'British royally cheated Nizams'

HYDERABAD: The accession of Hyderabad State to the Indian Union and the Kashimir issue were trajectories of the partition and the huge violence of Operation Polo could have been avoided, said eminent constitutional expert and historian AG Noorani on Friday.

Addressing a gathering of mediapersons at the release of his book 'The Destruction of Hyderabad' at Jubilee Hall, Noorani said that the seventh Nizam of Hyderabad Mir Osman Ali Khan was given advice prejudicial to the interests of Hyderabad State by Mohammed Ali Jinnah. "Hyderabad State had less autonomy than other states. The British government cheated the Nizam throughout. They would offer him protection after taking land. They took away Berar and the Circar districts. The Nizam was not allowed to appoint a prime minister without the consent of the Viceroy," said Noorani.

Informing that his book carries the entire text of Pundit Sundar Lal Committee report which has remained out of public view for a long time, he said, "Operation Polo which was wrongly named as Police Action led to the large scale massacre of Muslims in Hyderabad State."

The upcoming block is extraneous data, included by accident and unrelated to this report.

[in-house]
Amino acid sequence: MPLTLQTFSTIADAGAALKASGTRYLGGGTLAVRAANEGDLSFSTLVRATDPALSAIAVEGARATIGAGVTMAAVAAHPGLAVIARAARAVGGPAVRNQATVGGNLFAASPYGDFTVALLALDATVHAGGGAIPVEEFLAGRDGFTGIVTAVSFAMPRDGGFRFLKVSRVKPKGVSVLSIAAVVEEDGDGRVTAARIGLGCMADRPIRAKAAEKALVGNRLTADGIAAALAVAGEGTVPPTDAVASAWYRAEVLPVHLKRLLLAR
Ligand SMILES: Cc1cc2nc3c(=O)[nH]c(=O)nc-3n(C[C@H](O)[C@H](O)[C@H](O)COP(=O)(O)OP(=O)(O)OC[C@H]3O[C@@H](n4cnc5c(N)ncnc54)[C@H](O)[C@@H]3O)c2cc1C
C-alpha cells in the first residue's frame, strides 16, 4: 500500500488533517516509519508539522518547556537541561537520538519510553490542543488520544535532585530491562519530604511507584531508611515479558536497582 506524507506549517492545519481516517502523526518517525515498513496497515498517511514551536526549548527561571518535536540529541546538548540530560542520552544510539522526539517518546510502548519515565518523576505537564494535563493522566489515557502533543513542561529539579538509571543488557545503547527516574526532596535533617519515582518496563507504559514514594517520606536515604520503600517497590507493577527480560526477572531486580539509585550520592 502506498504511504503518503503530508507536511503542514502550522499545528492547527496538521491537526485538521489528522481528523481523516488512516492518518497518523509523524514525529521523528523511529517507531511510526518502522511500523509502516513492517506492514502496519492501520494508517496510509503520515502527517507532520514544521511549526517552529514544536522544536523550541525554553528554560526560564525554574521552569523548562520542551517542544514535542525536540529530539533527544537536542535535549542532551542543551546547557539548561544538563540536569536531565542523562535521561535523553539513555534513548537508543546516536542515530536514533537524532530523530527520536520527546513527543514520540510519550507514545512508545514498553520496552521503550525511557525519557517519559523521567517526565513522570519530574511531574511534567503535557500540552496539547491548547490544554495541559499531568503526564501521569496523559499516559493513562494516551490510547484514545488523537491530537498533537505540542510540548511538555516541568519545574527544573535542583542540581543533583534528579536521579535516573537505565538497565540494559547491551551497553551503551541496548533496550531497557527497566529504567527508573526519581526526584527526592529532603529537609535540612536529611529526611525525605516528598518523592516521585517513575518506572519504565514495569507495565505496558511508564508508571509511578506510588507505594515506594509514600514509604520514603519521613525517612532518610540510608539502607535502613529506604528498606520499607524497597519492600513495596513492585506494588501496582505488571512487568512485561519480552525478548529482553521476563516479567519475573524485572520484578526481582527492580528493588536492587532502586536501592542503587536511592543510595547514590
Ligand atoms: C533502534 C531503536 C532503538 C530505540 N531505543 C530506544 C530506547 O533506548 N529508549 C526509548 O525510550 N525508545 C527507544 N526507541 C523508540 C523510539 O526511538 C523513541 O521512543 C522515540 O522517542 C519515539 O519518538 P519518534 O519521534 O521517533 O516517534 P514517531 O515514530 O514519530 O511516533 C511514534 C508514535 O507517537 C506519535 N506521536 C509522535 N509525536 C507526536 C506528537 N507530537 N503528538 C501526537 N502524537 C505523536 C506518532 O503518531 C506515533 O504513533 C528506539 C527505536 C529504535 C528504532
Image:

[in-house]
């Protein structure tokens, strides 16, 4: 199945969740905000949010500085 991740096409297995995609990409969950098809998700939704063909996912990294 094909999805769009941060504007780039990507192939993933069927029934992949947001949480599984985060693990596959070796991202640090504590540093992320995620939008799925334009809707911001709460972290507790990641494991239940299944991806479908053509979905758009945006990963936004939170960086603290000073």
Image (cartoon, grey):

He pointed out that the Mohammad Ali Jinnah had given to the Nizam advice which was not in the interest of Hyderabad but of Pakistan. In November 1947, when Lord Mountbatten suggested that a plebiscite in Hyderabad, Kashmir and Junagarh be conducted to resolve the issue of accession, Jinnah wanted Hyderabad to be kept out of it.

Bringing out the ideological differences between Jawaharlal Nehru and Sardar Vallabhbhai Patel, Noorani noted that while Nehru was a secular nationalist, Patel was a 'quintessential Hindu nationalist' who perceived Hyderabad as a Muslim state and Kashmir a Hindu state. This, Noorani claimed, led Patel to soften his stand on the latter.

"Patel attacked Maulana Azad in a speech in 1948 and invited the Rashtriya Swayamsevak Sangh and the Hindu Mahasabha to join the Congress," he said. Nehru admired Hyderabadi culture and the graces of the Urdu while Patel hated them as 'alien', Noorani claimed.

"In my book, there is no hero. The only heroes are the people of the rich composite culture and the people of the erstwhile state of Hyderabad," Noorani said.

Noorani pointed out that the Majlis-e-Ittehadul Muslimeen (MIM) did not keep the Razakar movement alive. It died with the departure of Qasim Razvi to Pakistan where he 'became a tout, leading the life of a miserable man'.